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Work. 2010;36(2):157-66. doi: 10.3233/WOR-2010-1017.

Actual versus perceived lifting ability in healthy young men (18-25 years).

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Occupational Therapy, School of Health & Human Sciences, Southern Cross University, Tweed Heads, NSW, Australia.



Men under 25 years are at high risk of back injuries caused by manual handling. Self reports and functional capacity evaluations are commonly used to determine a worker's lifting capacity, however, amongst uninjured individuals, conflicting views exist regarding how perceived physical functioning matches actual functioning in the absence of fear of pain and/or re-injury. The aim of this study was to compare self-reports and actual lifting performance in a group of healthy young men aged 18-25 years. METHOD/PARTICIPANTS: A correlational prospective design compared perceived lifting capacity, using self-report and the Spinal Function Sort, and actual lifting capacity, using the EPIC Lift Capacity test in 31 subjects.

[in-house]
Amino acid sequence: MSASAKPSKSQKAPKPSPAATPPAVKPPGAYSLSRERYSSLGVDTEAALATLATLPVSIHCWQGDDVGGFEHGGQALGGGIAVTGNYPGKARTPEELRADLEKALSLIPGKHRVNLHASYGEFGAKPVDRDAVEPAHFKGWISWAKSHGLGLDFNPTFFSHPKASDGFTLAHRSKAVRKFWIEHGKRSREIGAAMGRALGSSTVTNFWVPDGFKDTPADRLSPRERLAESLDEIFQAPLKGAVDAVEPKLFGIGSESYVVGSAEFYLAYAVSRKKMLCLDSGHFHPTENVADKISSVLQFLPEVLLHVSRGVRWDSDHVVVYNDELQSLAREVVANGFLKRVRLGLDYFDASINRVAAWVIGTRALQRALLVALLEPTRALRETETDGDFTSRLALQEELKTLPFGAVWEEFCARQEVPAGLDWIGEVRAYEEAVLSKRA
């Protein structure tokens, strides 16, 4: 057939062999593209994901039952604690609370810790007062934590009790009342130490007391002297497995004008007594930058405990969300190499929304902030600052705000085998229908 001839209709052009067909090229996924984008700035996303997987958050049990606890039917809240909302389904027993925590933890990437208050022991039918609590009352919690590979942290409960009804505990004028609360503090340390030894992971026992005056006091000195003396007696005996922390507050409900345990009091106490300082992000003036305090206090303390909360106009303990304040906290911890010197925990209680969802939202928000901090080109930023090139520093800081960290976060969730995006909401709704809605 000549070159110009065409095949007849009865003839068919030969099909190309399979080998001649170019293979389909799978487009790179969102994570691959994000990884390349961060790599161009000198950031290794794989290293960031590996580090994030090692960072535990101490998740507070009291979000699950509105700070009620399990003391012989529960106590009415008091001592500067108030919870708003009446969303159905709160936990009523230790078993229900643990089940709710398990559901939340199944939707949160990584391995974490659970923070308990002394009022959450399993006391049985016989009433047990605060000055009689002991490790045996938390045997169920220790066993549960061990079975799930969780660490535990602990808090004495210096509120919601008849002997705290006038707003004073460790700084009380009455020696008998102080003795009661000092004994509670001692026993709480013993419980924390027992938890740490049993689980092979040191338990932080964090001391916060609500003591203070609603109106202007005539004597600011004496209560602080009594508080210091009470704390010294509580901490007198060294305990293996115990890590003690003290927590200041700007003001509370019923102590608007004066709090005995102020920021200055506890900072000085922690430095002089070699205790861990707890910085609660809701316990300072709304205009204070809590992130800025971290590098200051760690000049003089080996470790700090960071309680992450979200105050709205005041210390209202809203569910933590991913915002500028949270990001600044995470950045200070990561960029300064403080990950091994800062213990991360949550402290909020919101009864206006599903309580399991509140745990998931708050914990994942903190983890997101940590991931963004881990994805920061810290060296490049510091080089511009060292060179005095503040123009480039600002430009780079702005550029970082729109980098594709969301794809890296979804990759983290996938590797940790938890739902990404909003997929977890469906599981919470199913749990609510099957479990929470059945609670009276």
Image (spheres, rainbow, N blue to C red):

Subjects' self-reported lifting capacity varied more widely than their actual scores, indicating that they were less accurate at predicting their lifting performance using the self-report measure. One third of subjects were able to accurately self-report their lifting performance, approximately one-third underestimated, and the remaining third overestimated their lifting ability. Only two significant relationships were identified between self-reported and actual lifting performance for frequent knuckle-shoulder and floor-shoulder lifts. These correlations were weak and well below the 0.75 level considered necessary to be clinically significant.


This study found that self-report measures are not suitable when used in isolation. It is therefore recommended that self-report measures are used in conjunction with functional capacity evaluations to determine lifting capacity.

[Indexed for MEDLINE]

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